“I think we struggle in the city with our history,” Wilson said.

Alexandria was occupied by Union troops for most of the Civil War and, like the rest of Virginia, has a history of slavery and segregation. It is now a liberal bastion in Virginia – Barack Obama won 71 percent of the vote in 2012.

On historic Duke Street in Old Town, the building that was once home to the nation’s largest domestic slave trading company is now home to the Northern Virginia Urban League, which operates the Freedom House Museum there to tell the story of the slave trade.

Cynthia Dinkins, president and CEO of the Northern Virginia Urban League, said she personally supports any legislation that keeps the city from unduly honoring the Confederacy. Still, while she is wary of glorifying the Confederacy, she said care must be taken remember unpleasant parts of American history.

“Some of my challenge in dealing with Freedom House is that people don’t want to remember” that part of our history, she said.

Wilson said he has not heard of any opposition to his bill so far.

Officers with the Sons of Confederate Veterans, which has occasionally protested when it sees efforts to scrub recognition of Confederate leaders from the public square, did not return emails and phone calls seeking comment Tuesday.

A public hearing on Wilson’s legislation is scheduled for Jan. 25.

The Redskins, Leroy Jackson…And Jack Johnson

For those unfamiliar with sports history, Jack Johnson was the World Heavyweight Boxing Champion around the turn of the last century. His life and experiences were chronicled in a movie – “The Great White Hope”.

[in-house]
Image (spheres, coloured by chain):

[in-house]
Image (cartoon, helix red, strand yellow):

Unable to find anyone who could defeat Johnson, he was jailed for his relationship with a white woman.

Now, allegations have surfaced that the Washington Redskins, an NFL Football team which was the last in the NFL to bring on black players, because of then owner George Preston Marshall’s racism – fired one of their first black payers for the same “crime”.

Now, to be honest – growing up in the Washington area, during the time before the Redskins recruited Bobby Mitchell – most black folks rooted for and followed the Baltimore Colts with Johnny Unitas, and running back Lenny Moore. while the team had several black players before Bobby Mitchell, it was the thrilling combination of Sonny Jurgensen’s long “bombs” to Mitchell which turned things around.

Leroy Jackson, Former NFL Player, Cut For Getting Caught With White Woman: Nephew

A relative of a former NFL player who was a pioneer for civil rights in sports made a bombshell allegation.

David Irons, the nephew of former Redskins running back Leroy Jackson told Yahoo Sports that his uncle was cut from the team “because they caught him in a hotel room with a white woman.”

“Can you believe that?” Irons said, “They cut him for something that’s so common today. It’s unreal.”

In the Yahoo Sports interview, Jackson seemed to confirm Irons’ claim.